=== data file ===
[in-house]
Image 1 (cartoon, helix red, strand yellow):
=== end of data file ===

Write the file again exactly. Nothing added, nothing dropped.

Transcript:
[in-house]
Image 1 (cartoon, helix red, strand yellow):